If you’re just starting out on your health journey, simply the idea of hitting the gym may evoke feelings of intimidation, dread, and fear. And that alone can convince you to throw in the towel before you’ve even begun. The good news? You can drop the pounds eating a ketogenic diet without having to break a sweat because good health is based on what happens in the kitchen.
Read on to find out how you can lose weight without exercise while on the keto diet.
How Do I Get Started on the Ketogenic Diet?
The key to the ketogenic diet is achieving the metabolic state of ketosis at which point your body burns stored fat instead of carbohydrates for energy. As a result, you lose body fat and, as an added bonus, research shows your mood improves. 
To reach ketosis, getting the right balance of macronutrients (aka macros)—carbs, protein, fats—is essential. Because that looks different for every person, a good place to kickstart going keto is calculating the optimal breakdown specific to you. Roughly speaking, the ketogenic protocol calls for 75% fat, 20% protein, and 5% carbohydrates. The overarching idea is to scale down on the carbs and replace them with protein and healthy fats.
Having less carbohydrates to burn translates to having less sugar to combat (and sugar turns to fat) so that, alone will help you lose weight without exercise while on keto.
What Can I Eat on Keto?
Once you’ve established your macros, set yourself up for success with keto-approved meal planning. Stock your kitchen with whole, unprocessed foods (think: avocado, grass-fed beef, seafood, berries, and leafy greens), while leaving the likes of bread, starchy vegetables, legumes, and sugary drinks at the door.
Round out your supper with a no-bake cheesecake that you’d never guess is keto-friendly (yes, you can have dessert on keto!).
When following a keto nutrition plan, you’ll be consuming significantly less sugar and carbohydrates than if you were eating the standard American diet. Therefore, it’s typical to experience health benefits from weight loss and reduced inflammation to balanced blood sugar levels and less cravings.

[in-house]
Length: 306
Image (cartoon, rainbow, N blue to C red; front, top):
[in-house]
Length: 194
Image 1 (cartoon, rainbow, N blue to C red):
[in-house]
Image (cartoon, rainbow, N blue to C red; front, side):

Keto and Intermittent Fasting
Intermittent fasting—a way of eating that switches between periods of fasting and eating—when paired with keto can produce even greater improvements to your health. One of the most popular methods of intermittent fasting is the 16:8 method. It calls to have a “feeding window” of eight hours and then a fasting period of 16 hours which usually takes place overnight. For example, if you wake up at 6am, delay your first meal until 10am (you can still have your morning pick-me-up!) and end your window of meals by 6pm.
Because of the typical reduced caloric intake that comes with intermittent fasting, it can lead to not only greater weight loss, but also enhanced metabolic health. Furthermore, according to a recent study, intermittent fasting has a positive effect on cardiovascular risk factors such as obesity, high blood pressure, and diabetes. 
However you choose to approach your foray into the keto diet, keep in mind that it’s your unique journey—do what feels right for you. And you don’t have to let the fear of sweating it out at the gym keep you from reaping the benefits of embarking on the keto lifestyle.
Katherine Chang is a Los Angeles-based freelance writer, covering everything from fashion and lifestyle to health and wellness. While she was first drawn to writing about fashion, Katherine became passionate about health and wellness and learning about homeopathic ways to help herself and others feel their best after being diagnosed with Crohn's disease.
In her spare time, you'll find Katherine breaking a sweat (and making friends) trying out the latest fitness class, grabbing a matcha with her dachshund, Rex, or switching between reruns of Friends and Gilmore Girls.
Ting, R., Dugré, N., Allan, G. M., & Lindblad, A. J. (2018). Ketogenic diet for weight loss. Canadian family physician Medecin de famille canadien, 64(12), 906.
Dong, T. A., Sandesara, P. B., Dhindsa, D. S., Mehta, A., Arneson, L. C., Dollar, A. L., Taub, P. R., & Sperling, L. S. (2020). Intermittent Fasting: A Heart Healthy Dietary Pattern? The American journal of medicine, 133(8), 901–907. https://doi.org/10.1016/j.amjmed.2020.03.030
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